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High-Risk Contexts for Violence Against Women: Using Latent Class Analysis to Understand Structural and Contextual Drivers of Intimate Partner Violence at the National Level

Published onMar 18, 2022
High-Risk Contexts for Violence Against Women: Using Latent Class Analysis to Understand Structural and Contextual Drivers of Intimate Partner Violence at the National Level
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High-Risk Contexts for Violence Against Women: Using Latent Class Analysis to Understand Structural and Contextual Drivers of Intimate Partner Violence at the National Level
Description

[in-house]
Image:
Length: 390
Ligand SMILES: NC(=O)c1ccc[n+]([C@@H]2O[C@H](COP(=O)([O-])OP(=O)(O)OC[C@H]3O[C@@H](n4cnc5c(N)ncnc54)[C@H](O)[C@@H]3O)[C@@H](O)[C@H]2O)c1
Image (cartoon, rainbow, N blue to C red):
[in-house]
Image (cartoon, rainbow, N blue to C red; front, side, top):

Introduction: Intimate partner violence (IPV) affects 1 in 3 women and poses a major human rights threat and public health burden, yet there is great variation in risk globally. Whilst individual risk factors are well-studied, less research has focussed on the structural and contextual drivers of IPV and how these co-occur to create contexts of high risk. Methods: We compiled IPV drivers from freely-accessible global country-level data sources and combined gender inequality, natural disasters, conflict, colonialism, socioeconomic development and inequality, homicide and social discrimination in a latent class analysis, and identified underlying ‘risk contexts’ based on fit statistics and theoretical plausibility (N=5,732 country-years; 190 countries). We used multinomial regression to compare risk contexts according to: proportion of population with disability, HIV/AIDS, refugee status, and mental health disorders; proportion of men with drug use disorders; men’s alcohol consumption; and population median age (N=1,654-5,725 country-years). Finally, we compared prevalence of physical and/or sexual IPV experienced by women in the past 12 months across risk contexts (N=3,175 country-years). Results: Three distinct risk contexts were identified: 1) non-patriarchal egalitarian, low rates of homicide; 2) patriarchal post-colonial, high rates of homicide; 3) patriarchal post-colonial conflict and disaster-affected. Compared to non-patriarchal egalitarian contexts, patriarchal post-colonial contexts had a younger age distribution and a higher prevalence of drug use disorders, but a lower prevalence of mental health disorders and a smaller refugee population. IPV risk was highest in the two patriarchal post-colonial contexts and associated with country income classification. Conclusions: Whilst our findings support the importance of gender norms in shaping women’s risk of experiencing IPV, they also point towards an association with a history of colonialism. To effectively address IPV for women in high prevalence contexts, structural interventions and policies are needed that address not only gender norms, but also broader structural inequalities arising from colonialism.

 

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